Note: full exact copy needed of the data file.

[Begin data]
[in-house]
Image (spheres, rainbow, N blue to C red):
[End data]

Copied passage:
[in-house]
Image (spheres, rainbow, N blue to C red):